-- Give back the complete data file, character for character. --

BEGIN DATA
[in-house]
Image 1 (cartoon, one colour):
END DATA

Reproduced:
[in-house]
Image 1 (cartoon, one colour):